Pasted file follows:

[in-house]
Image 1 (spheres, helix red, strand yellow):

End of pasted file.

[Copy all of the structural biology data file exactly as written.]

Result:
[in-house]
Image 1 (spheres, helix red, strand yellow):